eMinutes Blog

Tardy S Election Is Still No Reason to Freak Out

August 29, 2020

In a prior article,[1] we covered the nuts and bolts of filing a late election for S corporation status. What we said there still goes, though the form on which the late election is made has been revised in the interim.

To recap, the procedures for filing a late S corporation election are set forth in Revenue Procedure 2013-30, which has been in effect since September 3, 2013. There are four general requirements for obtaining relief for a late S corporation election: (1) the entity requesting relief intended to be classified as an S corporation as of the effective date of the election; (2) the requesting entity failed to qualify as an S corporation solely because the election was not timely filed; (3) there is reasonable cause for the failure to make a timely election and the entity acted diligently to correct the mistake upon its discovery; and (4) the entity requests relief from the IRS under Revenue Procedure 2013-30 within 3 years and 75 days from the effective date of the election.[2]

If the four general requirements are satisfied, then the entity seeks relief for a late election by completing the standard election on Form 2553 (Election by a Small Business Corporation) and (1) attaching it to the S corporation’s current year Form 1120S (U.S. Income Tax Return for an S Corporation), (2) attaching it to one of the corporation’s prior year Forms 1120S, or (3) filing it with the IRS independent of Form 1120S.[3] The late election form must state in the top margin of the first page that it is being “FILED PURSUANT TO REV. PROC. 2013-30.”[4] The election form must also include a “Reasonable Cause/Inadvertence Statement,” expressly made under penalty of perjury, that describes (1) the entity’s reasonable cause for failure to make a timely election, and (2) its diligent actions to correct the mistake upon its discovery.[5] While the statement was previously often made in a separate document, the statement can be included in Part I, Item I, on the first page of Form 2553, directly above the officer’s signature. The election form must also include statements from all of the S corporation’s shareholders, also made under penalty of perjury, that they have reported their income on all affected returns consistent with the S corporation election for the year the election should have been filed and for all subsequent years.[6] This requirement can be satisfied by completing Part I, Item K (Shareholder’s Consent Statement), on the second page of Form 2553, or by attaching a similar document to Form 2553.[7]

There are additional representations that must be made on a separate attachment if the entity is also requesting a late corporation classification[8] to be effective on the same date that the S corporation election was intended to be effective.[9] However, so long, as the entity is merely filing a late S corporation election and not a late corporation classification as well, all of the necessary information can generally by included on the Form 2553 in what remains a relatively painless procedure.

[1] See eMinutes Blog, Tardy S Election Is No Reason to Freak Out (Feb. 3, 2016).

[2] See I.R.S. Rev. Proc. 2013-30, § 4.02, 2013-36 I.R.B. 173; Instructions for Form 2553, at 2. If a corporation meets the first three requirements but not the fourth, the corporation can still request relief for a late election on Form 2553 if three other requirements are met. See Instructions for Form 2553, at 2. If the additional three requirements are not met, then the corporation can still request relief for a late election but only by requesting a private letter ruling and paying a user fee. Id.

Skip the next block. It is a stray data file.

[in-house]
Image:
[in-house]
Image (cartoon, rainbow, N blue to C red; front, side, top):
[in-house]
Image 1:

[3] See I.R.S. Rev. Proc. 2013-30, §§ 4.01(4), 4.03(2), 5.01; Instructions for Form 2553, at 2.

[4] I.R.S. Rev. Proc. 2013-30, § 4.03(1); Instructions for Form 2553, at 2. If the late S corporation election is attached to a Form 1120S, then the Form 1120S must also state in the top margin of the first page that it “INCLUDES LATE ELECTION(S) FILED PURSUANT TO REV. PROC. 2013-30.” I.R.S. Rev. Proc. 2013-30, § 4.03(2)(a); Instructions for Form 2553, at 2.

[5] I.R.S. Rev. Proc. 2013-30, § 4.03(1), (3).

[6] See id. § 5.02; Instructions for Form 2553, at 2.

[7] Instructions for Form 2553, at 2.

[8] An eligible entity uses Form 8832 (Entity Classification Election) to elect how it will be classified for federal tax purposes: as a corporation, a partnership, or an entity disregarded as separate from its owner. Form 8832 General Instructions, at 4. An “eligible entity” is “a business entity that is not classified as a corporation.” I.R.S. Rev. Proc. 2013-30, § 2.04(1); 26 CFR § 301.7701-3(a). Eligible entities include limited liability companies and partnerships. Form 8832 General Instructions, at 4. Unless an election is made on Form 8832, the default rule is that a domestic eligible entity is (1) a partnership if it has two or more members, or (2) disregarded as an entity separate from its owner if it has a single owner. Form 8832 General Instructions, at 4; I.R.S. Rev. Proc. 2013-30, § 2.04(1); 26 CFR § 301.7701-3(b)(1). With some exceptions, an eligible entity may elect to be classified other than as provided by the default rule (as an S corporation, for example) by filing Form 8832. I.R.S. Rev. Proc. 2013-30, § 2.04(1); 26 CFR § 301.7701-3(c)(1)(i).

[9] See I.R.S. Rev. Proc. 2013-30, § 5.03; Form 2553, Part IV; Instructions for Form 2553, at 2-3, 6. In particular, an entity requesting a late corporate classification election must attach the representations listed in Part IV of Form 2553 to the late corporate classification election. See Form 2553, Part IV; Instructions for Form 2553, at 2-3, 6.

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